Welcome to my Central Basin woodland garden and the Garden Bloggers Bloom Day
The garden has begun its transition from the golden hues of the Susans and the Goldenrods to the the soft purple mist of violets and blues of the ex-asters
. They aren't the only flowers in bloom, but, they are the big fall show and dearly loved by the many garden residents and visitors who visit for pollen, nectar and seeds.
|The centers turn red centers when the flower is pollinated|
is by far the most abundant ex-aster in the garden. They were one of the first wildflowers to introduce themselves to me almost 30 years ago when we moved into this wooded neighborhood and I've loved them ever since. I let them stand all winter and set seed every where. I think they are stunning massed, but, for a less exuberant look pair them with grasses and bold leaved plants.
Don't tell the other seasons, but, Autumn is my favorite and October is my favorite month! The sky is a seamless blue, the days are cooler and the light is fantastic. (See post October Blue Skies
It's a busy time in the garden, even busier than spring. Wildflowers welcome the foraging bees, the nectaring butterflies, a host of other pollinators
and birds as they make a mad dash to mate, to provide for offspring or to prepare themselves for migration. (see Pardon My Big Aster
for more on Aster tataricus
It's one of the best times to photograph the critters, they're slower and pose sweetly on the flowers. I like to think they're savoring the last of the pollen and nectar.
|Gaura lindheimeri 'Crimson Butterflies' |
Many of the plants that stopped blooming in the summer make a repeat visit in October. I welcome back the pink butterfly blooms of Gaura lindheimeri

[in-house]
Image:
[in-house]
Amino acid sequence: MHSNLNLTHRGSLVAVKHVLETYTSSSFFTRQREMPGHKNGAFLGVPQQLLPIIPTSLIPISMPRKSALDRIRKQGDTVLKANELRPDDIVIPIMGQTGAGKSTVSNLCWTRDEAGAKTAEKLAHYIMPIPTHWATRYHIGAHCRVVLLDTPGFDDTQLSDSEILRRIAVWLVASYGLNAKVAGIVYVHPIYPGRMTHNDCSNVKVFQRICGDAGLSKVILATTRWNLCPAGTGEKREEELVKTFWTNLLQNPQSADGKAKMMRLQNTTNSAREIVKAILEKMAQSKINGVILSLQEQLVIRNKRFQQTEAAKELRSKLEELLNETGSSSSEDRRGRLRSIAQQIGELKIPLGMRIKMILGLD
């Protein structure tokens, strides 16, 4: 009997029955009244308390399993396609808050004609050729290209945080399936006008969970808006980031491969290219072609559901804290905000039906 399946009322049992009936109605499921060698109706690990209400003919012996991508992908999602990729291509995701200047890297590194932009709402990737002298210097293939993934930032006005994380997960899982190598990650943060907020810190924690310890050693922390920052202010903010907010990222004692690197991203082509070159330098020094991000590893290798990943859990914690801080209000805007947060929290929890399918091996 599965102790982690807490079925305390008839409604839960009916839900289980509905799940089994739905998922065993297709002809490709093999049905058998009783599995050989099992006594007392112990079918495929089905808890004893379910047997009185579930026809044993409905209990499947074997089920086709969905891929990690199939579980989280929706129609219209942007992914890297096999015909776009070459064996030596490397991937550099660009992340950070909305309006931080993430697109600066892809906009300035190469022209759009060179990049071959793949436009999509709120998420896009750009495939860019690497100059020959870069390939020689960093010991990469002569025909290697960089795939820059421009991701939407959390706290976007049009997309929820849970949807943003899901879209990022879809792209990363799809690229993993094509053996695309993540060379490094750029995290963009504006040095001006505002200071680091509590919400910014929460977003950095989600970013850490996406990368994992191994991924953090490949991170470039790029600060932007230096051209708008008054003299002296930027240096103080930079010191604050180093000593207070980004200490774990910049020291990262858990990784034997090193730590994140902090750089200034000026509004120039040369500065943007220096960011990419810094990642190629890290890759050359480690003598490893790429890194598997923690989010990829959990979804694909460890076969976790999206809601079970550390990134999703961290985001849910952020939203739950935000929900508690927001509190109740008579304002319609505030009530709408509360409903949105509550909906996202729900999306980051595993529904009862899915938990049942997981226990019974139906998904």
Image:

. It sulked all summer, but is putting on a vary nice show right now.
Some wildflowers only bloom in the fall and Eupatorium serotinum
(N) is one of them. It's a magnet for pollinators and colonizes
wonderfully to fill in large areas with its white Asteraceae blooms.
is a very late bloomer. It opens up when one needs its pop of violet and white flowers, just in time for the last of the nectar robbing carpenter bees to forage on it.
Luscious, velvety Salvia azurea
(N) is a counterpoint to the yellows and golds of early Autumn. Collect seed and sow in the garden for a large stand.
Floppy Golden Aster (N) brings a much needed spot of golden yellow back to the garden when the Susans fade.
The Sulphur butterflies rejoice when Salvia elegans
begins to bloom. They've been circling the garden for weeks, waiting to make a big yellow statement against the intense red flowers. The hummers are thrilled, too. If truth be told, so am I.
Although, this is a native plant garden, I do plant annuals like the Salvias mentioned earlier, delicious red Pentas
(above) multi-colored lantanas, a few violas, cupheas, Purple hyacinth vine and,
|Bumble resting on the rusty sunflower while nectaring on the Verbena bonariensis|
for their long bloom, their lovely flowers and to feed the pollinators. The sight and sounds of busy bees, butterflies and other critters makes me happy.
Before long the humming and buzzing will be gone, until then I will appreciate each and every flower that feeds the critters and fills my heart with joy.
It's October 15 and you know what that means! Garden bloggers all over the blogosphere are celebrating Bloom Day. You can see more gardens then you can imagine in one day if you stop by Carol's blog, May Dreams Gardens
to take the Mr linky magic carpet ride to flower adventure.
Gail Eichelberger is a gardener and therapist in Middle Tennessee. She loves wildflowers and native plants and thoroughly enjoys writing about the ones she grows at Clay and Limestone.
She reminds all that the words and images are the property of the author and cannot be used without written permission.
What a box of eye candy your garden is, dear Gail! The colors are gorgeous and those asters, they will always be asters to me, add depth and drama, especially when hosting such sweet pollinators.ReplyDelete
Beautiful blooms, and great photos of the critters, too!ReplyDelete
There is something really special about the Autumn sunlight.
Happy Garden Bloggers' Bloom Day!
My favorite month too. The weather is nicer, and the plants grow to their fullest. It's fun to see an expression of all of our hard work too. Love the asters and the pollinators.~~DeeReplyDelete